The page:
This brief is the fourteenth in a series of briefs that constitute a body of knowledge describing commuting in America. This body of work, sponsored by American Association of State Highway and Transportation Officials (AASHTO) and carried out in conjunction with a National Cooperative Highway Research Program (NCHRP) project that provided supporting data, builds on three prior Commuting in America documents that were issued over thepast three decades.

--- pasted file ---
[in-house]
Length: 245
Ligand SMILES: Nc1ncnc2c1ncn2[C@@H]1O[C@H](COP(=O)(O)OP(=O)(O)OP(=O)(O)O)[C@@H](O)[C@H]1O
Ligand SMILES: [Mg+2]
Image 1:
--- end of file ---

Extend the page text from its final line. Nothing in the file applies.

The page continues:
As noted in Brief 12, the auto boom appears to have completed its rapid growth cycle and has stabilized at very high levels, remaining the dominant mode. However, in the past decade or so, there are signs of auto communting retrenchment and evidence that transit has increased as a commuter mode. This brief presents data describing bicycling and walking commuting trends and relationships. It should be noted that these modes, which hover at around a three percent share for commuting, is more challenging to comprehensively analyze with statistically-significant-data due to its modest share and constraints of sample size in both American Community Survey (ACS) and National Household Travel Survey (NHTS) data sources.
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